Additional Information
Veritas Data Center Software: http://www.symantec.com/business/theme.jsp?themeid=datacenter GDOC Home Page: http://www-935.ibm.com/services/us/index.wss/offering/its/a1026541 IBM Optimization and Integration Services: http://www-935.ibm.com/services/us/index.wss/offerfamily/gts/a1027708

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Corporation 2009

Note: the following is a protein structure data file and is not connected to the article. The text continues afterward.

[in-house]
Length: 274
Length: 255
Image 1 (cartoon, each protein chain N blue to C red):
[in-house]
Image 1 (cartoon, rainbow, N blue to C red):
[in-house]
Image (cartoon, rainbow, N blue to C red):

IBM Systems and Technology Group Route 100 Somers, New York 10589 U.S.A. Produced in the United States of America, 02/2009 All Rights Reserved IBM, IBM logo, AIX, DB2, DB2 Universal Database, FlashCopy, GDPS, Geographically Dispersed Parallel Sysplex, Informix, System z, WebSphere and z/OS are trademarks or registered trademarks of the International Business Machines Corporation. Adobe, the Adobe logo, PostScript, and the PostScript logo are either registered trademarks or trademarks of Adobe Systems Incorporated in the United States, and/or other countries. Cell Broadband Engine is a trademark of Sony Computer Entertainment, Inc. in the United States, other countries, or both and is used under license therefrom. InfiniBand and InfiniBand Trade Association are registered trademarks of the InfiniBand Trade Association. Java and all Java-based trademarks are trademarks of Sun Microsystems, Inc. in the United States, other countries, or both. Microsoft, Windows, Windows NT, and the Windows logo are trademarks of Microsoft Corporation in the United States, other countries, or both. Intel, Intel logo, Intel Inside, Intel Inside logo, Intel Centrino, Intel Centrino logo, Celeron, Intel Xeon, Intel SpeedStep, Itanium, and Pentium are trademarks or registered trademarks of Intel Corporation or its subsidiaries in the United States and other countries. Symantec, the Symantec Logo, and Veritas are trademarks or registered trademarks of Symantec Corporation or its affiliates in the U.S. and other countries. UNIX is a registered trademark of The Open Group in the United States and other countries. Linux is a registered trademark of Linus Torvalds in the United States, other countries, or both. ITIL is a registered trademark, and a registered community trademark of the Office of Government Commerce, and is registered in the U.S. Patent and Trademark Office. IT Infrastructure Library is a registered trademark of the Central Computer and Telecommunications Agency, which is now part of the Office of Government Commerce. All statements regarding IBMs future direction and intent are subject to change or withdrawal without notice, and represent goals and objectives only. Performance is in Internal Throughput Rate (ITR) ratio based on measurements and projections using standard IBM benchmarks in a controlled environment. The actual throughput that any user will experience will vary depending upon considerations such as the amount of multiprogramming in the users job stream, the I/O configuration, the storage configuration, and the workload processed. Therefore, no assurance can be given that an individual user will achieve throughput improvements equivalent to the performance ratios stated here.